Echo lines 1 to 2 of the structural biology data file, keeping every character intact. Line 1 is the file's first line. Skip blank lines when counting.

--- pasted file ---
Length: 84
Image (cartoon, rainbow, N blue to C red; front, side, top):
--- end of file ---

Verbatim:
Length: 84
Image (cartoon, rainbow, N blue to C red; front, side, top):